Medical Conditions Associated with Memory Loss

Medical conditions associated with memory loss signify a call to action for the goals of early diagnosis,  to rule out a more serious condition, and obtain treatment, if you choose to.

Calls To Action

The following Call To Action scenarios indicate it’s not only time to identify the source of difficulties, but to reduce health risks and enhance quality of life.

  • Call to Action, if you lose track of conversations, time, plans or have difficulty solving problems.
  • Call to Action, if you have difficulty reading, going down steps, and/or seeing clearly through varying shades of light.
  • Call to Action, if you use the wrong word to describe something repeatedly or can’t find the word to use.  
  • Call to Action, if you use poor judgment that may negatively influence life, such as giving money to illegitimate causes on the Internet, via email, mail or phone.  
  • Call to Action, if you feel you lose orientation when not home.  Being at home and/or with your own belongings may offer the greatest comfort and may assist in optimizing daily living skill capacity.

There are many types of conditions that are linked to symptoms of memory loss and each symptom requires a timely, proper diagnosis, which may be emergent in nature.  It may be difficult to distinguish between age related memory changes and Dementia, Alzheimer’s Disease, Stroke, Closed Head Injury (from a bump that may lead to a Brain Hematoma and more serious conditions).  A proper diagnosis may be enhanced with the assistance of insight from a person who has witnessed the changes.

A Stroke requires emergency care to see if the person qualifies for a Clot Busting Drug that may reduce the risk of permanent disability by one third and/or surgery to reduce the risk of additional strokes.    

A Closed Head Injury requires emergency care to rule out a Brain Hematoma which requires monitoring for changes over up to two months or more since a hematoma may develop over time and may swiftly result in the inability to walk, speak, other forms of deterioration and the risk of fatality. People with a Closed Head Injury may qualify for cognitive retraining and other forms of rehabilitation, if necessary.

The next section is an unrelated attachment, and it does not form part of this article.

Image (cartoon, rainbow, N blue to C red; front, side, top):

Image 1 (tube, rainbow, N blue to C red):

Dementia comes in different forms; the more common forms may be Vascular Dementia and Alzheimer’s Disease. Vascular Dementia memory related symptoms may be emergent, if not previously diagnosed and treated.   Over time, Alzheimer’s Disease results in increased memory loss due to loss of functional brain cells that provide for normal brain activity and may be fatal.

Daily Living Skill Impairment

One difference between these diseases and natural age related memory loss  may be the impairment in daily living skills.  This impairment may appear subtly,  such as poor grooming or hygiene, or may be more hazardous, such as leaving the stove on. A person with common forms of these conditions may repeat the same questions because they may not be able to retain information. They may forget special dates or places, such as birthdays and holidays or even how to find to a friend’s home. They may not be able to recognize their symptoms. A person with any form of these conditions may become isolated by disengaging in social situations. People with any of these conditions may become more irritable, fearful, anxious, confused or suspicious.  

Next Visit, Age Related Memory Loss

AND The Risks and Solutions for Good and Bad Day Changes

It is important to recognize that medications and medical procedures are associated with benefits and risks that should be discussed with your physician. It is important to recognize that all information contained on this website cannot be considered to be specific medical diagnosis, medical treatment, or medical advice. As always, you should consult with a physician regarding any medical condition. Your Health Access disclaims any liability for the decisions you make based on this information.